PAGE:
This piece originally appeared in GLOBAL HEALTH Magazine, re-posted on HNN with permission.
New findings from rural Pakistan were recently published in The Lancet showing for the first time that government-employed community health workers can save a substantial number of newborn lives. In the last decade, there have been several landmark studies demonstrating that neonatal mortality could be greatly reduced by simple home-based interventions provided by community health workers employed by research projects. Seminal research papers published in The Lancet [1,2,3] found that ‘packages' of newborn care by community health workers - hired by the researchers - reduced neonatal mortality by an astounding 30-60%. However, many developing countries have not made use of these results as yet, in large part because there was no evidence for existing cadres of government community health workers providing these interventions with sufficient coverage and quality to reduce neonatal mortality at scale. That evidence is now available, thanks to the research led by Dr. Zulfiqar Bhutta of Aga Khan University in Pakistan, published this week in one of the leading medical journals, The Lancet.
The study was conducted in a very poor area in rural Pakistan (Hala) where neonatal mortality rates were among the highest in the world. More than 80% of births were at home, most attended by a local woman, usually an untrained traditional birth attendant (TBA). The study utilized a national cadre of community health workers, known as Lady Health Workers (LHWs), who are trained and deployed to cover approximately 70% of Pakistan's villages. Major tasks of LHWs have traditionally included community education around sanitation, immunization, and nutrition. But LHWs did not previously have a role in promoting newborn care and changing traditional newborn care practices. Untrained TBAs and families often unknowingly expose newborns to harmful, even life-threatening risks (eg, hypothermia, pre-lacteal delays in breastfeeding, application of harmful substances to the cord, delays in recognition and seeking care for signs of newborn illness). Yet the government's LHW program was missing the opportunity for LHWs to address critical newborn practices that could spell life or death. The Hala trial was specifically designed to answer the question: can newborn lives be saved by training the Pakistan government's LHWs to focus on newborn care practices?
A Lady Health Worker in Pakistan. Photo by Alixandra Fazzina for Save the Children.
The Hala researchers found that the LHW training and supervision package reduced neonatal mortality, as well as stillbirths, by 15-20%, demonstrating to governments and professionals that existing cadres of community health workers could indeed save newborn lives, albeit somewhat less than previous trials employing only project workers. Dr Bhutta estimated that almost 100,000 newborns could be saved each year in Pakistan by implementing this simple package by the current LHWs - conducting group education sessions and making home visits to pregnant women and newborns. This news is critically important because it shows that governments, and their partners, can intervene now, using existing systems and resources that are already in place.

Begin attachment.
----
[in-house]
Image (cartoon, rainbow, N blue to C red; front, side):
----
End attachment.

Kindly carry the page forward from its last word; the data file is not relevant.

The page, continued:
The Hala package included only preventive components, namely messages of essential newborn care at the time of delivery and in the postnatal period. These included an emphasis on hygiene (clean cord cutting), warmth for the baby (delayed bathing), immediate and exclusive breastfeeding, and recognition and care seeking for newborn danger signs. The addition of interventions to manage or treat complications was not tested in this study; but expanding the ‘package' to provide simple treatment at home offers considerable potential to further reduce neonatal mortality. Evidence to date suggests that where facility-based care is not an option, adding community-based management of complications such as infection, low birth weight, and birth asphyxia is life-saving as well as feasible in a number of existing health systems in developing countries.
The evidence is unequivocal: community-based care saves newborn lives, even when delivered by existing cadres of government-employed community health workers. Where access to treatment is limited, there may be potential to further increase lives saved by adding feasible interventions to manage newborn complications.
It is time to ensure that policy makers and programs hear this good news. Not only in research settings, but in real-world settings such as in Pakistan's LHW program, we now know that community health workers - serving in existing programs - can save thousands of newborn lives each year.
1. Bang A, Bang R, Baitule S, Reddy H, and Deshmukh M. (1999) Effect of home-based neonatal care and management of sepsis on neonatal mortality: field trial in rural India. Lancet, 354, 1955-1961.
2. Baqui A, Arifeen S, Darmstadt G, Winch P, Williams E, Rosecrans A, Ahmed S, Santosham M, and Black R. (2008) Effect of a package of community-based newborn care delivered by two strategies in Sylhet district, Bangladesh: a cluster-randomised controlled trial. Lancet, 371, 1936-1944.
3. Kumar V, Mohanty S, Kumar A, Mishra R, Santosham M, Baqui A, Awasthi S, Singh P, Singh V, Ahuja R, Singh J, Malik G, Ahmed S, Black R, Bhandari M, Darmstadt G. (2008) Impact of community-based behavior change management on neonatal mortality: a cluster-randomized, controlled trial in Shivgarh, Uttar Pradesh, India. Lancet, 372: 1151-62.
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